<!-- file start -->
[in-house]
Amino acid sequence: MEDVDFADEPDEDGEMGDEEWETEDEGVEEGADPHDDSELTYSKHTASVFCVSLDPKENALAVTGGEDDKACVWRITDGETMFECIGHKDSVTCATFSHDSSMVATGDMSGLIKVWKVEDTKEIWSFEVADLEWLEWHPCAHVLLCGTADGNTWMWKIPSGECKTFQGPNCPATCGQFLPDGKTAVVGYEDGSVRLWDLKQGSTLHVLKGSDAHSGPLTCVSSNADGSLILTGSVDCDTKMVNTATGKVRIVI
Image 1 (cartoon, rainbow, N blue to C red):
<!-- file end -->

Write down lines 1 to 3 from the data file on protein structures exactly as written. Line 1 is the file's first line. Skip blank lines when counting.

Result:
[in-house]
Amino acid sequence: MEDVDFADEPDEDGEMGDEEWETEDEGVEEGADPHDDSELTYSKHTASVFCVSLDPKENALAVTGGEDDKACVWRITDGETMFECIGHKDSVTCATFSHDSSMVATGDMSGLIKVWKVEDTKEIWSFEVADLEWLEWHPCAHVLLCGTADGNTWMWKIPSGECKTFQGPNCPATCGQFLPDGKTAVVGYEDGSVRLWDLKQGSTLHVLKGSDAHSGPLTCVSSNADGSLILTGSVDCDTKMVNTATGKVRIVI
Image 1 (cartoon, rainbow, N blue to C red):